... April, 16, 2012 ENCELADUS AND TETHYS RAW IMAGE PREVIEW FROM CASSININASA's ... of the icy moons Enceladus and Tethys during its course through the ... encounter, Cassini passed the moon Tethys with ...
... the surface of Saturn's icy moon Tethys in new, enhanced-color images ... to show large northern areas of Tethys under the illumination and viewing ... result of outgassing from inside Tethys. They ...
... back-to-back flybys of Saturn moons Tethys and Hyperion last weekend, coming ... than ever before to each of them. Tethys has a scarred, ancient surface, ... http://www.nasa.gov/cassini.Images of Tethys ...
... views of Saturn's moons Titan and Tethys represent the most detailed look ... the battered and cratered moon Tethys. The result is the best-ever ... moon. As seen here, the surface of Tethys has a ...
... of Saturn's moons Methone and Tethys on May 20, 2012.With a close-approach ... Cassini flew by the larger moon Tethys at a distance of about 34,000 ... that encounter are included here. Tethys is 660 ...
... of Saturn's moons Enceladus and Tethys were taken on April 14, 2012, ... encounter, Cassini passed the moon Tethys with a closest approach distance ... Cassini's best imaging encounter with Tethys ...
A recent tweak to Cassini's trajectory allowed an even closer approach of 1,500 kilometers (930 miles) to the Saturnian moon, Tethys, than originally planned, and yielded unrivaled views of the icy moon’s cratered landscape and a look into the gargantuan canyon system called Ithaca Chasma.
I agree completely, bruno.thiery,
I've researched what the background sky was, forming a backdrop for Tethys.
This image was obtained back in June on the final day of the Primary Mission of the Cassini Spacecraft, which has now been extended to Wednesday 30th June 2010.
Tethys is seen here, in the shadow of Saturn, but dimly lit by reflected sunlight from Saturn's rings & other moon. Dione is off the frame to the bottom left & I wonder if Dione is responsible for most of the weakillumination of Tethys?
The stars in the background ar within the far north of the constellation of Bootes close to the stars Merez / Rho Bootis & Upsilon Bootis. The red giant star Arcturus / Alpha Bootis is way out of the frame to the lower right.
I really hope we get to see a lot more of these sort of obervations.
Cheers anne v.
Yes the left hand 'crescent' lit by Rhea & the right hand 'crescent' lit by Tethys & Dione are quite easy to see, despite the bright 'gibbous' from sunlight reflected of Saturn's rings. So clearly Enceladus is still being lit by reflected sunlight from several objects within the Saturn system & the double northern horns of the opposing crescents is interesting. Really quite eerie & alien.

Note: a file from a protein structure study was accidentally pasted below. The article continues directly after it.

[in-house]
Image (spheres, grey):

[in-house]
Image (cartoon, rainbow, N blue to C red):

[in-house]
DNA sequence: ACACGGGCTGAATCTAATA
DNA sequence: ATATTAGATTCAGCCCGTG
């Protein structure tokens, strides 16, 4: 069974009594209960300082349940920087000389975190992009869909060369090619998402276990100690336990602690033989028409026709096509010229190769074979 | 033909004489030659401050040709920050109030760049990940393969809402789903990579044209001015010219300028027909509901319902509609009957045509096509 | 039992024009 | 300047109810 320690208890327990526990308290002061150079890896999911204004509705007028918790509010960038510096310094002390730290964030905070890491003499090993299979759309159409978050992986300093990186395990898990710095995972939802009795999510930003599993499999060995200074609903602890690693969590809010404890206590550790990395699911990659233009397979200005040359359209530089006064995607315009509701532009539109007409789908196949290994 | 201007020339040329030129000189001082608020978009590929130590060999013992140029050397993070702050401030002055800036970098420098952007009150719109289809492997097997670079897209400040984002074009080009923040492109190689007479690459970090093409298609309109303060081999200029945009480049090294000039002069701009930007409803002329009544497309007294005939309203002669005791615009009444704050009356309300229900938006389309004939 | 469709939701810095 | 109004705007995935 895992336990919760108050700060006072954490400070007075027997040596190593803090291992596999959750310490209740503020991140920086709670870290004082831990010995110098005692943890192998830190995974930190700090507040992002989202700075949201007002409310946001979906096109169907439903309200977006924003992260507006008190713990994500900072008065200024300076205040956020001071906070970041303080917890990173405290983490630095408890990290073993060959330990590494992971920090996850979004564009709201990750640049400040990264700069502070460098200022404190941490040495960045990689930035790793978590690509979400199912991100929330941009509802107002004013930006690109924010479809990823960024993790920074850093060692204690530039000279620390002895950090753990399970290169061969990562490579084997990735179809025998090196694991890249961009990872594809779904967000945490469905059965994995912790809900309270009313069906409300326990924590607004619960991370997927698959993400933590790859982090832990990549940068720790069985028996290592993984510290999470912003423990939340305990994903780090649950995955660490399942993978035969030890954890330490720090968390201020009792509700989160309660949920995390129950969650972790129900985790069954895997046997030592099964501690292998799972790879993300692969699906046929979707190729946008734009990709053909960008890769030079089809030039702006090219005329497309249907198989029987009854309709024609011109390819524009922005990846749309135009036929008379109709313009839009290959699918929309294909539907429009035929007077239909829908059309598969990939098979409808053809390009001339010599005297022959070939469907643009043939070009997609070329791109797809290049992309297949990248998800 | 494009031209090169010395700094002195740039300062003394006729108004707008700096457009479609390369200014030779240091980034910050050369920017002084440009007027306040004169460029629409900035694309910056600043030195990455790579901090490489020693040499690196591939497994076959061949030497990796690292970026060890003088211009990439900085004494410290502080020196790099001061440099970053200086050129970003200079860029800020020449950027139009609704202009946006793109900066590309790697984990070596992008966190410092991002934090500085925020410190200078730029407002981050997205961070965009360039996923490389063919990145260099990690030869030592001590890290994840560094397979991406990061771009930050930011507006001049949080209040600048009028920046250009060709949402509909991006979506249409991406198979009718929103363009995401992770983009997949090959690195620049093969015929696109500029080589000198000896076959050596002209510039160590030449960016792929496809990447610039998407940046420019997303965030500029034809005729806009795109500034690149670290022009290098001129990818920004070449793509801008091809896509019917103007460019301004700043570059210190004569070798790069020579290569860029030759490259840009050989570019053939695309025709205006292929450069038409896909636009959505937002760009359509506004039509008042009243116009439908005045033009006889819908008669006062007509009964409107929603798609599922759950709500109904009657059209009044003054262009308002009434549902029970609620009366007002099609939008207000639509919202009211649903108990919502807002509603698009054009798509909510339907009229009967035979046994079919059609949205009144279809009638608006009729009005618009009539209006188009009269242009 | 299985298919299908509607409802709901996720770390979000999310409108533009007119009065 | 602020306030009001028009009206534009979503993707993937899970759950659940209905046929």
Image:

On a few of the raw images are showing the eclipsed Enceladus in front of the trailed stars of the Camelopardalis / Ursa Minor border, whilst Cassini tracked the eclipsed ice covered moon.
Absolutely fantastic stuff.
Yes, this image was obtained while Enceladus was indeed in eclipse, illuminated by sunlight reflected first from Saturn's rings then onto the planet and finally onto the moon. Portions of Enceladus are also lit by scattered light from nearby Tethys, Dione, and Rhea, although not as brightly as by Saturn's reflected ringshine.
It is so interesting to see how different the individual moons are within a particular system.
With Saturn's system, the difference between Titan & Mimas is most striking. Phoebe almost certainly is an interloper from the KBO, Hyperion is just odd, Enceladus, highly active, Dione also probably moderately active, Tethys, Rhea, & Mimas as dead as door nails.
Iapetus is extremely fascinating for other reasons.
I suspect the Uranian moons had more radiactive elements & it is interesting to see, how much denser Titania & Oberon are to Saturn's similarly sized moons Rhea & Iapetus.
Clearly the Saturn & Uranus systems have evolved very differently.
I like your comparison of the differences between Io & Callisto in the Jovian system. True, Jupiter's immensely gravity & tidal influences have much to do with this.
Even so, Io is poor in volatiles, but heavily differentiated & contains a large amout of heavy materials (Io has the highest density & surface gravity of the solar system's moons). Callisto appears to be a mixture of rock & ice, with a slight concentration of rock towards the centre, but not enough to form a core.
Probably much like Rhea, which appears to be much like a smaller Callisto.
I suspect in the case of Rhea, it is lighter less space weathered ice being deposited over older more space weathered ice.